MELBOURNE, FLA.–Florida Tech has been granted $166,000 by the State of Florida to install and operate an array of moorings in the coastal waters between
Sebastian Inlet and the southern Oculina Bank.
The Oculina Bank is a Habitat of Particular Concern (HAPC) that runs north-south along Florida’s east coast from Daytona Beach to Palm Beach, situated in
about 250 feet of water. The HAPC, a critical area for fisheries recruitment and habitat, is a deep cold-water coral reef.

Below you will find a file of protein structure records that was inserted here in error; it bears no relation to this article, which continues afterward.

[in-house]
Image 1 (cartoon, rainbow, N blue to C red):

Florida Tech physical oceanographers will place on the sea bottom three acoustic Doppler current profilers to measure the ocean’s current velocity from the
seafloor to the surface. The scientists will feed the data into computer models to map and predict the currents off the Central East Florida Shelf.
Coastal zone managers and biological oceanographers will examine the ocean current information to understand and ultimately forecast events such as harmful
algal blooms, also known as red tides.
On the team, led by George A. Maul, Ph.D., are doctoral student Aurelie Moulin, and faculty from the Department of Marine and Environmental Systems, Gary
Zarillo, Ph.D., Kevin Johnson, Ph.D., and Steven Jachec, Ph.D.